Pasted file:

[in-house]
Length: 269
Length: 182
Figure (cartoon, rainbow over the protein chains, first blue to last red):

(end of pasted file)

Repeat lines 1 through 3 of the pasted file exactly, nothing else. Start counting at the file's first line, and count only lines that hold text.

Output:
[in-house]
Length: 269
Length: 182